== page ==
Larry Buell – The Future of Environmental Criticism.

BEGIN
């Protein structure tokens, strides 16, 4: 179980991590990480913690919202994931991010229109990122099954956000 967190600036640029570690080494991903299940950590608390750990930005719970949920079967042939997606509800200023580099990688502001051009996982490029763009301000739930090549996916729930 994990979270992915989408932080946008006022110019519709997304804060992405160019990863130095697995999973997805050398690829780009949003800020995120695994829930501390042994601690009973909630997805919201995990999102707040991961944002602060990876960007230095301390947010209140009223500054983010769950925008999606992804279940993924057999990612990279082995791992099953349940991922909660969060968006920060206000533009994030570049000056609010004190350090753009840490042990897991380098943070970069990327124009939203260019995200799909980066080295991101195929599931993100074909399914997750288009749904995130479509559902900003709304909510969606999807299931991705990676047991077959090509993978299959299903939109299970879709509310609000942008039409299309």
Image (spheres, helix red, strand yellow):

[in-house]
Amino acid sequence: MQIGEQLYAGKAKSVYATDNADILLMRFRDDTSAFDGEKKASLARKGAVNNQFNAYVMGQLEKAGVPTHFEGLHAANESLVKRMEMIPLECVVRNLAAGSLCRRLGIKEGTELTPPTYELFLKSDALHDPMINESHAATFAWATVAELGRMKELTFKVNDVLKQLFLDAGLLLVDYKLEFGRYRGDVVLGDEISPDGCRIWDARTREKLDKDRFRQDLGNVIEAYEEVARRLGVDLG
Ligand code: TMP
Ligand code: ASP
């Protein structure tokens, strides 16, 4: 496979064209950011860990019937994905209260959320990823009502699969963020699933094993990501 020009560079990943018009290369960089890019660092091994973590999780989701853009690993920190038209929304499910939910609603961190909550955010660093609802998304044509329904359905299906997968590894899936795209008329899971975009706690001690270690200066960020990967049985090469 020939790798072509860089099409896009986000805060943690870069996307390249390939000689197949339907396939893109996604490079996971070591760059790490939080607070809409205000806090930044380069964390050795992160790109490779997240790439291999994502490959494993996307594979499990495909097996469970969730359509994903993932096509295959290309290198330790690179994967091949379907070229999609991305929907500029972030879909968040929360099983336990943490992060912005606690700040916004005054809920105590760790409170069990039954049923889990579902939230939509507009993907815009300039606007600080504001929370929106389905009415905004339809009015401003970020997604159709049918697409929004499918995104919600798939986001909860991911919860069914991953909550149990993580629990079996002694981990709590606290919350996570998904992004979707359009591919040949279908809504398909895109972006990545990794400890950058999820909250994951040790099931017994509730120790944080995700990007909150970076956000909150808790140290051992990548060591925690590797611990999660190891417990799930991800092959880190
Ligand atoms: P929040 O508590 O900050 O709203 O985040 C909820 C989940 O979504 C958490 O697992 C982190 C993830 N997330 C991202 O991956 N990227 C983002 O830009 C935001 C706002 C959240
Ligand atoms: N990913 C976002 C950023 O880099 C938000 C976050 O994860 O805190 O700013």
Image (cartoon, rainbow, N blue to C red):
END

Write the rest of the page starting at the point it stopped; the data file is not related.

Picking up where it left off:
The first chapter of Buell’s third book of/on Environmental Criticism (the others being the Environmental Imagination and Writing for an Endangered World) is a history of the emergence of environmental criticism (aka ecocriticism). Buell offers a good overview of what he calls the first and second waves of environmental criticism (first: looking primarily at nature writing, as LB does at Thoreau in The Env. Imag.; second: begins to question “organicist” view of environmental criticism – begins to look at urban/toxic/non-natural landscapes. Also, other streams of criticism creep in) and introduces many different threads of criticism that have arisen: very interesting one, ecofeminism, which sees the history of man’s dominion over nature as analogous to the oppression of women. Problems: dependence of “eco”criticism on science, which most lit scholars are weak on. Also, he acknowledges that the “environmental turn” is a recent development (he places it in the 1980-90s), but that it pursues a line of questioning that is Ancient. Also, it asserts itself as important because environment is universal. He thinks it will attain the level of AfAm Studies, Gender studies, etc. He concludes with the suggestion that environmental criticism will have to go more “mainstream” and link back up with more “traditional” critical methods before becoming more accepted, but that’s not necessarily a bad thing. There’s apparently already a rapprochement between hardcore ecocritics and other critical/theoretical techniques.